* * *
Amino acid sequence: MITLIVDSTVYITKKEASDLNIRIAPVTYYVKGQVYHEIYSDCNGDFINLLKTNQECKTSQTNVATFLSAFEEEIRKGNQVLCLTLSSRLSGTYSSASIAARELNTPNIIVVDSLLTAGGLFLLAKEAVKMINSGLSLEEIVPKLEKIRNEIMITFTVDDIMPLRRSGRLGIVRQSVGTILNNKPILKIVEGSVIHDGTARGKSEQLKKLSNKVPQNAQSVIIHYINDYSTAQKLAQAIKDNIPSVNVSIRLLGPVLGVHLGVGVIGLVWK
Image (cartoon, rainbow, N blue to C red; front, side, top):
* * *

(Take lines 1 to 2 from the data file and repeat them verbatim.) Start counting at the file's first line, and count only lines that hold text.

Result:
Amino acid sequence: MITLIVDSTVYITKKEASDLNIRIAPVTYYVKGQVYHEIYSDCNGDFINLLKTNQECKTSQTNVATFLSAFEEEIRKGNQVLCLTLSSRLSGTYSSASIAARELNTPNIIVVDSLLTAGGLFLLAKEAVKMINSGLSLEEIVPKLEKIRNEIMITFTVDDIMPLRRSGRLGIVRQSVGTILNNKPILKIVEGSVIHDGTARGKSEQLKKLSNKVPQNAQSVIIHYINDYSTAQKLAQAIKDNIPSVNVSIRLLGPVLGVHLGVGVIGLVWK
Image (cartoon, rainbow, N blue to C red; front, side, top):